Latest answer posted January 23, 2021 11:53 am UTC

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Iliad

Hephaestus shows so much on the shield; the heavens, the earth, the sea, and the pictures of two cities with all the activities of civilization in the Bronze Age: festivals and weddings, legal...

Latest answer posted February 8, 2009 1:22 pm UTC

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Iliad

In Book 22 of the Iliad, Achilles has returned to the battle after the death of Patroclus. He is the greatest warrior of the Greeks and enraged by the death of his lover. He first challenges Aeneas...

Latest answer posted March 11, 2016 4:30 am UTC

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Iliad

There are several ways in which divine elements are used to characterize the portraits of mortals in Iliad by Homer. First, in the Iliad, as in most epic literature, one of the standard elements of...

Latest answer posted October 10, 2015 4:00 am UTC

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Iliad

In the final analysis, Achilles approaches his mother with the underlying assertion that he has opted for greatness in the short term of being. Achilles' approaching his mother in the first book...

Latest answer posted November 11, 2012 1:15 pm UTC

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Iliad

Homer uses epithets to tell us something about his characters, be it personal qualities—such as "fleet-footed Achilles"—or their functions within society—e.g. "Hector, breaker of horses." He also...

Latest answer posted July 17, 2019 11:15 am UTC

2 educator answers

Iliad

The flawed Achilles is most often identified as the hero of the Iliad. He is offered the choice of long life without glory or a short life with glory. He chooses the life of death and glory because...

Latest answer posted July 10, 2018 3:04 pm UTC

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Iliad

I think that his initial decision to flee makes sense with his character because it shows his honor. Hector is fundamentally different from Achilles because he recognizes the horrors of war....

Latest answer posted August 11, 2012 3:07 pm UTC

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Iliad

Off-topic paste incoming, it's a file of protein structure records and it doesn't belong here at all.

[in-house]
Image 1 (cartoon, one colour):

Homer understands and conveys the central importance of warrior honor to Greek life, but it can be argued that the Iliad does not glorify war. There is little choice for a male in Greek society who...

Latest answer posted January 24, 2021 12:26 pm UTC

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Iliad

Personally, I feel rather sorry for Helen. She is loved by men for her beauty and despised for the same reason. In book three in particular, Hector blames Paris for acting "mad" because of her...

Latest answer posted June 27, 2007 1:25 am UTC

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Iliad

One theme of the Iliad is an exploration of love. For example, Hector shows love for his wife, Andromache, and their very young son, Astyanax, as he (Hector) goes off to fight. Andromache shows her...

Latest answer posted September 25, 2019 3:43 am UTC

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Iliad

Like so much in Homer, there is no easy answer here. The dynamic of fate vs. free will is something that defines consciousness in the Trojan War. Everyone understands its presence, but few, if...

Latest answer posted May 19, 2012 7:07 pm UTC

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Iliad

Achilles and Agamemnon are both prideful and obsessed with their status. Agamemnon takes Briseis from Achilles out of pride, to show his status as a leader of the Greeks, and Achilles resents this...

Latest answer posted September 17, 2018 12:25 am UTC

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Iliad

The gods are portrayed as immortal, but in many ways very human. It is important to remember, of course, that the entire conflict represented in the Iliad began with a contest between Hera,...

Latest answer posted January 28, 2013 7:14 pm UTC

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Iliad

Creating a Venn diagram for the events in the Iliad and Aeneid is not difficult! The purpose of the Venn diagram is to create a visual representation of the relationship between a group of things....

Latest answer posted July 27, 2016 11:47 pm UTC

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Iliad

I'm not sure you can easily state an attitude of war across the board. Each character would be different. There are the gods who take sides and see this more like a game. The war to them is almost...

Latest answer posted September 22, 2008 3:40 pm UTC

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Iliad

Achilles is a larger-than-life character who represents both the virtues and the vices of the tragic hero. He is a courageous fighter, who rallies and inspires the Greek troops with his immense...

Latest answer posted January 22, 2021 1:31 pm UTC

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Iliad